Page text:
None of these are inherently bad, but they do help add up to a situation where one wonders when the teacher is supposed to teach, if s/he’s spending X hours teaching “say no to drugs” Y hours teaching other social skills, Z hours prepping for a standardized test, Q hours administering the standardized test, etc.

I am in the US and I do pay big bucks for a private school. And even though I didn’t start prepping for the SAT in kindergarten, I went to an Ivy League school. I wasn’t asking because I wanted to get my kids involved in test prep because I really don’t think it’s necessary at this age. I was just curious as to why such young children were being exposed to standardized test prep when they will probably only take two or three throughout the course of an education.

You are correct (as confirmed by this entry in wikipedia).

I was not exposed to these tests in school - I must have gone to some pretty crappy schools in my day!

Kids take standardized tests every school year beginning in at least grade 3 - boatloads of 'em. While I don’t post this as a defense of test prep in kindergarten, kids take way more than two or three standardized tests. My son just got done with two full weeks of nothing but standardized tests - the ISATs (Illinois Standardized Achievement Test, I believe).

Frankly, I think test prep classes themselves are dishonest and downright cheating. If an exam doesn’t accurately test what a student knows, then it’s a bad test. If we know it’s a bad test, it can be changed. We won’t KNOW they are bad tests as long as these prep classes exist to teach kids how to “beat” the test, not learn the information. My prep class in high school, for example, taught to not leave any marks blank, to go with our first guess, not to change and answer, and mark “b” if we weren’t sure, because at the time it was the most common correct response. Oh, and to eat saltines before the test to spike our brain’s available carbohydrates. :rolleyes: What did any of that have to do with whether or not we knew how to formulate a coherent sentence? They actually had us practice coloring in circles and graded us on the proper shading of our pencilmarks to the shade best recognized by the grading machine. And damn if their students didn’t score a few more points on their post-test than their pre. Didn’t mean they knew any more, just that they knew, literally, how to take the test better.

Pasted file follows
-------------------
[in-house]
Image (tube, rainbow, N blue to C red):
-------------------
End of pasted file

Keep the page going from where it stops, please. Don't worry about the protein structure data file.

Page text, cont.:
But since so much of school funding is tied up in standardized test scores, and those tests start very young, I understand why they want to indoctrinate kids early and often in how to get higher scores. I just think it’s a short-sighted approach.

WhyNot I usually agree with you but I think you’re wrong in this. I’ve been a super test taker from the word go (the 60’s anyway) and thought everyone used the techniques I used, some of which you described. I got full ride scholarship offers to college back in the day based solely on how well I did on the SAT’s (mediocre HS grades). I totally blew the SAT’s away based on using some of the techniques that are taught now. I was amazed when talking to other students who didn’t use these techniques and did poorly on the Sat’s. These were good students who did way better than I did in HS (I’m thinking about my Chem lab partner in particular here). Test taking is an art and with all the crap based on test scores these days you need to know the tricks of the trade to succeed.